The primary reason to separate the display and search networks is that the content network requires you to construct closely focused ad groups with relevant keywords. You can employ more general keywords to spark matches in the content network to drive traffic to your site and enhance CTR. If you desire conversions, though, make sure your ad groups are manageable by using close-knit keywords. The importance of ad relevancy is paramount, and your keywords serve as the foundation.
After then, you must examine the display network bids in order to make any adjustments. Bids for the display network are typically substantially lower than those for the search network. In fact, if you keep them the same as the search network, you'll (likely) end up spending far too much money on the content network. Google Ads always provides you with estimates that you can utilize as a starting point. Then you can make the necessary adjustments.
Furthermore, the text of your display network ads cannot be identical to the text of your search network ads. It's easy to know why: the user's aim is entirely different. Users in the display network aren't interested in buying anything (at least not at first), and they're only browsing the web for information. Keep that in mind; it's critical. As a result, update your ad copy to reflect this. Within the ad group, align your ad texts with your tightly themed keywords. Depending on your ads and keywords, if your overarching ad group theme requires it, you may also want to try out alternative landing pages for content network advertisements.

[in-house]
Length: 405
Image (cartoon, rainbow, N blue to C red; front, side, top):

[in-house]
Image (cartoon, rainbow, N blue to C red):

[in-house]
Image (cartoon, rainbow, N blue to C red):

To cut a long tale short, keep your search and display network ad groups separate. It could take some time, especially if your inherited account lacks this structure. As a result, you will spend less money and receive a higher return on investment in the long run.
Do you have active campaigns on Google Ads and want us to audit them for evaluating their performance? If so, a well-executed audit will be handled to help you spot issues to fix, identify areas for improvement, and give you a clear overall picture of how well your Google Ads are performing. Contact us
The same campaign can be created for both search and display networks. However, for each sort of ad, we recommend creating a unique campaign.
You won't be able to manually distribute impressions between search and display if you choose a mixed campaign type ("Search Network campaigns with Display Expansion").
Furthermore, search and display campaigns accomplish distinct duties for different user groups.
A search network's audience knows precisely what they're looking for. They want the most relevant results in response to a search request.